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OpinionLetters

Newsday letters to the editor for Monday, Sept. 4, 2017

Berner Middle School in Massapequa.

Berner Middle School in Massapequa. Credit: Howard Schnapp

To save walkers, give vehicles right of way

When a car and a pedestrian collide, who wins? Not the pedestrian. Reading “Family’s 3rd tragedy” [News, Aug. 15], I thought about the fact that our New York State traffic laws say that pedestrians have the right of way.

They might be walking in front of a drunken driver or one high on heroin, or who knows what else?

The law needs to be changed to protect pedestrians and rescind their right of way. I have jammed on my brakes plenty of times to avoid these trusting walkers.

Greg M. Gusew, Lake Ronkonkoma

State ed chief will rule on middle-school move

I’m writing in response to “School superintendent created tension” [Letters, Aug. 28].

I, too, am a resident of Massapequa. I have two children in third grade and one child in first grade.

What evidence is there that the stay issued by the state commissioner of education — allowing sixth-graders to attend the Berner Middle School — was a result of actions taken by district Superintendent Lucille Iconis? I suspect there is none. Rather, I believe the commissioner came to her conclusion based on the appeal filed by community members.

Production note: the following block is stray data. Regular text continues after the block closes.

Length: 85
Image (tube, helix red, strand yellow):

Our exceptional superintendent has been transparent and operating with concern for educational excellence for Massapequa students. Many in our community believe her actions will advance the education of our children.

The plan to move sixth-grade students to the middle school was presented some 18 months ago, when Iconis had the majority support of the school board. Now she does not. However, May’s school board election, which changed the majority of the board’s support for the move, was in no way a mandate.

It’s my opinion that we cannot come to a consensus with the tools we have available at the district level. Therefore, I’m relieved that the commissioner stepped in with the stay and will ultimately rule on the multiple appeals filed both for and against the reconfiguration.

Regina Rodriguez, Massapequa Park

Transgender ban is discriminatory

In his raucous campaign rally-style speech in Phoenix, President Donald Trump said he “loves everyone” [“Trump: I called for unity, love,” News, Aug. 23].

Apparently transgender people aren’t among them; nor are members of several other minority groups. Barring transgender people from the military is not only blatantly discriminatory but also callous and unpatriotic. Transgender soldiers risk their lives every day to protect us all and our fragile democracy.

I believe Trump’s actions put them more at risk of hate crimes, because they’ve been erroneously accused of being a burden to our military. This is not only harmful to the LGBT community, but to the American creed that we are all created equal.

Carolyn Mandelino, Massapequa

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